"Você escreve um livro."

Translation:You write a book.

December 26, 2013

30 Comments
This discussion is locked.


https://www.duolingo.com/KineticKarp

my question is about how to speak in the past tense. if voce escreve um livro is you write a book how would I say you wrote a book?

September 14, 2014

https://www.duolingo.com/dogrow

"You wrote a book" = "Você escreveu um livro"

December 22, 2014

https://www.duolingo.com/bekinha1304

Você escreve um livro

December 26, 2013

https://www.duolingo.com/laura.bs10

You write a book

February 4, 2014

https://www.duolingo.com/Lattegems

Is this a command? I put "you can write a book" but they said "you write a book". What would be the different verb forms and such to send the right message?

February 24, 2014

https://www.duolingo.com/PERCE_NEIGE

You have to drop the subject for a command (imperative), like in English. You write --> Write! I think the imperative for "você" would be "escreva", but I'm not sure.

April 8, 2014

https://www.duolingo.com/dogrow

You are right, the imperative is "Escreva um livro"

December 22, 2014

https://www.duolingo.com/savymakes

Isn't it the meaning of "escreve" is - writes and isn't it the meaning of "escrevo" is - write??? Am i wrong??? Teach me

May 13, 2016

https://www.duolingo.com/coraly.ros

The answer to this is write yet it marks it as incorrect.

April 22, 2014

https://www.duolingo.com/tu.8zPhLD72zzoZN

This is not the imperative form, so in English you must include the subject. Scroll up for more information.

July 30, 2015

https://www.duolingo.com/EMV92LA

Shouldn't it be "you wrote a book"?

October 10, 2014

https://www.duolingo.com/dogrow

No, wrote is past. "You wrote a book" = "Você escreveu um livro"

December 22, 2014

https://www.duolingo.com/teresaa.wu

I don't understand the conjugation. In the table there is "você" for "it", right? so why in this tense correct answer is "you"? I had the same problem before with "vocês" for "you plural". thx

March 13, 2015

https://www.duolingo.com/tu.8zPhLD72zzoZN

No, "it" is not expressed in Portuguese. "É ....'' Then, the formal version of you (which is 2nd person) takes the same conjugation as the 3rd person. "Você é..." This comes from a time when the peasants wouldn't dare talk to the lords, ladies nor royalty directly. "Would the gentleman like his breakfast now?" "Would his highness like to see the representative of the English kingdom?" In Brazil there is also a form "o senhor" and "a senhora" which are also 2nd person titles that are used with 3rd person conjugations formally to mean "you". So in English the pronouns that use the 3rd person conjugation is "he", "she", or "it", but in Portuguese "ele", "ela", no pronoun at all for it, and "você" which is a formal version of "you" in Portugal, but is used informally in Brazil. http://www.tudobemportuguese.com/lesson/1180/en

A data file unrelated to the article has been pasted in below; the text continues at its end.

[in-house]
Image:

July 30, 2015

https://www.duolingo.com/michisjourdi

Is Voce formal you or plural you? I'm confused.

March 22, 2015

https://www.duolingo.com/teresaa.wu

voce is formal you (instead of "tu", when you talk to Mr or Mrs) and voces is plural form for you. I think so.

March 24, 2015

https://www.duolingo.com/michisjourdi

Thanks! I'm familiar with formal (thanks to Spanish), but don't remember Duolingo ever saying which was singular, formal, and plural!

Once again, thanks for answering! ^_^

March 24, 2015

https://www.duolingo.com/pfeil

'você' is NOT formal. It's our everyday use. When addressing to an elder and/or a higher authority, we use 'o senhor / a senhora' (literally 'the Mr. / the Ms.'). Many families will also have sons addressing the formal way to their parents. Curiosity bonus: despite being archaic, some eccentric gentlemen may address to young unmarried women as 'a senhorita'. We borrowed this word from spanish, where it means 'little senhora'.

May 20, 2015

https://www.duolingo.com/michisjourdi

Oh, thanks for the information! And the bonus information as well. :D Have a lingot.

May 22, 2015

https://www.duolingo.com/Ternot

Señorita does not mean little lady. (Although it would be its logical meaning). But nobody uses that way. It is used when speaking to a young (ita) lady. Or, very important, and a ssign of respect when addressing a senhora who has never been married. The implied meaning is that she is still a virgin. That has nothing to do with reality, just tradition and custom.

September 15, 2015

https://www.duolingo.com/tu.8zPhLD72zzoZN

For Brazil, right?

July 30, 2015

https://www.duolingo.com/pfeil

Right.

July 30, 2015

https://www.duolingo.com/skrats

Is this like swedish where it's implied "you are writing"?

November 21, 2015

https://www.duolingo.com/surfx2015

I don't know about swedish, but "you are writing" is "Você está escrevendo"

March 15, 2016

https://www.duolingo.com/MarcosLobo9

Ex:

Eu escrevo - I write (Tu escreves)- You write Você escreve - You write Ele/Ela escreve - He/She/it writes

Nós escrevemos - We write (Vós escreveis) - You write Vocês escrevem- You write Eles/Elas escrevem- They write

*() Very little used, rarely used in everyday life

January 15, 2017

https://www.duolingo.com/ShoeLover_22

Oh I thought that it ment I write a letter

February 15, 2014

https://www.duolingo.com/PERCE_NEIGE

Letter = carta.

April 8, 2014

https://www.duolingo.com/paloma58439

Isn't escreve writes and escrevo writ so how can we say voce escreve um livro which means you writes a book

March 12, 2016

https://www.duolingo.com/surfx2015

no, you can't use writes with you

March 15, 2016
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